In another twist of the volatile plot in Ukraine, the Ukrainian government has axed its defense minister, Igor Tenyukh, over his handling of the Crimea Crisis. He has been replaced by the now acting defense minister, Gen. Mykhaylo Koval.
In response to harsh criticism that Tenyukh was slow and indecisive to respond to Russia’s forced entry into the peninsula, the former minister announced that he would be stepping down. Experts suggest that this move is more of a formality than anything as Tenyukh’s resignation was more of a forced exit from his position.
Critics argue that his response to the incident was weak overall and that Tenyukh failed as Ukraine’s defense minister as he, well, failed to defend much of anything against the Russians. His slow responses were cited as proof of ineptitude and the withdrawal of Ukrainian troops from Crimea was the proverbial last straw for Tenyukh’s career.
However, many have noted that Tenyukh’s reservations may have ultimately served to save more of Ukraine than any other actions may have allowed. By not fighting the Russians, it has been argued by some that his more passive stance did not give Russia reason to annex even more of Ukrainian territory.
Furthermore, Tenyukh’s decision to have Ukrainian troops withdraw from the region was in fact at the request of many of the troops. Defenders of the former defense minister suggest that the patience and caution exercised was perhaps better for Ukraine in general.
Whether or not Tenyukh has been made into a scapegoat over the course of the crisis, he has nonetheless been axed and replaced for his inaction in the defense of Crimea. Minister Koval’s policies and positions remain relatively unknown as of now, however he had formerly served as chief of border troops in Crimea.
This is significant as Koval may perhaps be less moderate than his predecessor. With some 30,000 Russian troops amassed on Ukraine’s Eastern border according to American military estimates and some analysts suggesting that Crimea is just a fraction of what Putin intends on annexing, Koval appears as Tenyukh’s hawkish replacement to some. Still, this is yet to be seen.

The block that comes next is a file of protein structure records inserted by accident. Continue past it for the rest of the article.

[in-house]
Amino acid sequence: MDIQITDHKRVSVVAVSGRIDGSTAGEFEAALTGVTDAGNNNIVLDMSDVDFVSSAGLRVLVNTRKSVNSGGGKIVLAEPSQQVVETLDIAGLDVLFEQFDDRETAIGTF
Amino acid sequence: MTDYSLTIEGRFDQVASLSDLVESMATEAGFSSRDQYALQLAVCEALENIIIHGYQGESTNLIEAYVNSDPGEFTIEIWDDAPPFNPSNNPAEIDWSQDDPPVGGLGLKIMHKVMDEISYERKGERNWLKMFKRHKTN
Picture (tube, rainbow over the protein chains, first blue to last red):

Furthering that sentiment, some lawmakers in Ukraine have suggested that, as it stands now, Ukraine and Russia are in fact in a state of war. Yuriy Derevyanko, a member of Ukraine’s parliament who serves as an independent politically, stressed a need for decisive and unified leadership that can defend the Eastern European nation’s border with Russia.
Some are suggesting that Russia is on the verge of invading Ukraine along its East border. As evidenced by a recent build up in the region and a seemingly strategic arrangement of military assets to capture some major Ukrainian cities, experts warn that there may not be much more time before Russia engages in a full-fledged military conflict.
With Tenyukh being axed and replaced by a seemingly less dovish defense minister over the Crimea Crisis, it stands to reason that Ukraine stands defiantly against Russia. Some assume that the inaction in Ukraine was a mistake, and by all accounts, Ukraine does not appear willing to make that mistake again.
By Brett Byers-Lane